It's staggering when you think about the cost of living, especially if you're a renter and not a home owner. If you are currently paying $1,000 a month for rented housing, then over the next three years, your property management company will effectively have reaped $36,000 of your hard earned cash! You're paying their mortgage when you could be building equity in your own property.
What if I don't have the money to buy a home right now?
There are many loan programs available that offer low and no down payment options. Some programs permit gift money as a down payment, and often sellers are willing to make a contribution to your purchase if they want to sell the home quickly.
There are many benefits of home ownership to consider, most of all, tax deductions. Let's take a look at how advantageous this can be as a homeowner:
How much is tax deductible?
Tax deductions vary, but the IRS has laid out solid rules. They also have several tax publications full of helpful information worth taking the time to read. Publication 530, Tax Information for First-Time Homeowners, is very thorough, as is Publication 936, Home Mortgage Interest Deduction. For quick reference, you can refer to Tax Topics 505, Interest Expense, and 504, Home Mortgage Points.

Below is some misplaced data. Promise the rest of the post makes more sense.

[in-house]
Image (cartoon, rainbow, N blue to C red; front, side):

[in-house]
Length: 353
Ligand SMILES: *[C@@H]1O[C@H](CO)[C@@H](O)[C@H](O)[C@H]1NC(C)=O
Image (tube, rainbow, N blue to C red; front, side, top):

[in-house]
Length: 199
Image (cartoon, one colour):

These publications often refer to local and state guidelines, so you may want to consult a CPA to answer all the questions that arise from reading these materials. Here are a few tips you should know up front:
Real Estate taxes are deductible on a primary residence. Real Estate taxes are paid at settlement or closing, or through an escrow account.
Mortgage interest is deductible on a loan to purchase, build or improve your home. Your lender will provide you with a Mortgage Interest Statement (Form 1098) to list the total interest paid during the year. This should include any deductible points paid for that year.
Pre-paid interest is deductible in the year it is paid. At the close of a real estate transaction, borrowers usually pay for the interest on their loan that falls between the closing period and the first of the next month. Mortgage payments are made "in arrears" so when a loan is closed mid-month, there is interest due to the new lender which must be paid in advance.
If you are building a home, the interest on the construction loan is deductible. The construction period cannot exceed 24 months prior to the date that you move in if you claim this as your primary residence.
Call me to discuss your specific needs and we'll find the program that's right for you.